With a dreary rainy backdrop, ‘American Son’ starts off with an abutting shot of a wearisome mother who frantically stares at the clock that strikes four in the morning. Her son has gone missing and her unduly imaginative mind is leading her to believe that something is wrong. In the past, several films like ‘Fruitvale Station’ have shed light on the toxic segregation that still exists in American society. Directed by Kenny Leon, ‘American Son’, which has been adapted from a Broadway play by Christopher Demos-Brown, aspires to tread a similar path and heavily reckons upon the conversations of its characters to penetrate even the hardened hearts with its moving story.
Kerry Washington plays the role of a troubled mother, Kendra, who, with time, grows more and more distressed about the fact that her son has gone missing. After waiting for a long time at the police station, a white officer (Jeremy Jordan) finally steps in to address her problems. Though he seems to be a little negligent towards her pleas in the beginning and even claims that her son is probably busy doing “something that all teenagers do”, he later shows some mild signs of empathy when he finally realizes that she is actually going through a lot.
Soon after this, the boy’s father, Scott Conor, who is also a white FBI agent, shows up at the police chamber and with this, the behavior of the other white Cop entirely changes. He starts addressing the case with a sense of false maturity and even reveals details that he had previously kept hidden from his wife. As the film moves forward, the waiting room is flooded with condescending conversations—mostly between Kendra and Scott—who argue over their racial differences and try to comprehend how it might have had reflected on their son.
The entire film is confined to the waiting room of the police chamber and for the most part, it heavily relies on the interactions and dispositions of its characters to move the plot in a linear direction. While the pacing of the story seems pertinent and it also does a great job with evoking a sense of curiosity as it gradually leads you up to a heart-rending ending, it often gets lost in Kendra’s rants that–as her ex-husband would say–revolve around lines the of “Black Lives Matter”. Speaking of Kendra, who is the overarching protagonist, for the first half of the film, she comes off as an excessively protective mother and as much as you sympathize with her motherly concern for her 18-year-old son, it seems like she’s a bit too inclined towards believing that the whole world is against her race.
From the very beginning, it is very well established that, despite the divorce of his parents, Jamal has always had a very protected and warm upbringing where he never got himself involved with anything that even mildly qualifies as illegal. Jamal’s entire background and how his own parents perceive him, affirms that he is a good kid and would never intentionally get himself in trouble.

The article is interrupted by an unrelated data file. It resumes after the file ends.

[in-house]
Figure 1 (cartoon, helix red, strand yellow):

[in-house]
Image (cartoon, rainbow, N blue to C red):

While the other white cop keeps beating around the bush by claiming that he’s following protocol, for a while, even Scott seemingly favors the cop and even claims that his son was starting to look like a gangster. He even tries to act as a dominating figure and often mansplains the opinion of his ex-wife who now, after their divorce, has become more stern and bold about her stance on things. But eventually, when the seriousness of the situation hits him, he begins to crumble under his own insecurities and loses his toxic masculinity to his vulnerabilities.
As far as the acting is concerned, Kerry Washington, who is well-known for her role in ‘Django Unchained’ and ‘Scandal’, has an impactful presence on-screen. For the greater part of the story, she perfectly encapsulates her character’s skewed sense of racial injustice and during the final scenes, she very well portrays the personal insecurities that led her to overly obsess over her son’s safety in the outside world. The performances of other characters feel rather subdued, especially that of Steven Pasquale, as he fails to depict the sense of denial and rue of a grieving father.
Overall, the movie has the right intentions as far as throwing light on racial policing and sexism, but it often loses its hold when it presents contradicting ideas by reflecting on the psyche of its characters. Some of its dialogues, that hold strong didactic messages, really hit hard but for the most part, it lacks the emotional depth that would be necessary to move its targeted audience. ‘American Son’ is fairly decent but from the looks of it, what worked rather well on stage does not really transition too effectively on screen and it falls short of what it intends to be. So at the end of the day, even if you pass on the opportunity of watching it, you won’t really be missing out on much.